The visit to The Jewish Agency reminded us of the dark history of antisemitism from which modern Israel has shined in a brilliant light of hope. It only made sense that our next stop would be Israel’s national Shoah (Holocaust) memorial, Yad Vashem, located fittingly on the Mount of Remembrance.
Established in 1953 as a place to mourn all those who were lost in the Holocaust, including about 6 million Jewish lives, Yad Vashem holds the largest collection of artifacts in the world. We saw many of these for ourselves in print, photo and film. Words here cannot capture the depth of trauma and tragedy we witnessed. The horrors are undeniable, yet the scope of the cruelty is nearly impossible to fathom. But it cannot (and must not) be denied.
The visit ends with a somber but beautiful tribute to the countless lost children. In a vast dark room filled with mirrors, infinitely reflected small lights around us each represent the life of a child, tragically extinguished so early in life.
I should mention as well that Yad Vashem honors the Righteous Gentiles who helped save Jewish lives during the Holocaust. Names like Oscar Schindler, Corrie Ten Boom, and Raoul Wallenberg are among over 28,000 on display for visitors. But even this bit of comfort does not settle the challenging emotions stirred by the horrors of the Holocaust. It is comforting to know that so many visitors are coming to remember and to join Israel in saying, “Never again.”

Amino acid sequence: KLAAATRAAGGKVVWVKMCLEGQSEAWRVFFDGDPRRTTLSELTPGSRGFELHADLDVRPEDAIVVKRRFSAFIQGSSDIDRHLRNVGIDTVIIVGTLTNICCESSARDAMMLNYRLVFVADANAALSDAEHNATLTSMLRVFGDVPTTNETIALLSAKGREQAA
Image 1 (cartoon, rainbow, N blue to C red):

Davidson Center: Jerusalem Archaeological Park
Our final stop would be back at the edge of the Old City of Jerusalem to the Davidson Center, which offers views of the remains of the First- and Second-Temple periods. It was a beautiful, sunny time for us to walk to the southern steps, or steps of ascension. Here, just outside the Temple Mount, Jesus, His disciples, and all Jews heading to and from Jerusalem would most certainly have traveled. The blind man healed at the Pool of Siloam would have certainly come down this road. Perhaps sermons in Acts were preached from this area as well.
On this last day, we can see deep down into the underpinnings of this labyrinth of walkways, buildings, and drainage systems, with layer upon layer of history stacked up to our feet, easily 50-100 feet down. We know that underneath this visible maze of ruins, untold findings rest in wait for future discovery. How we yearn to see more!
The archaeological findings we see around us now, so thoughtfully preserved and on display, continue to support the text of the New Testament. We are truly blessed to sit upon these steps and ponder our visit, all that happened here, and what has happened in our Christian walk because of it.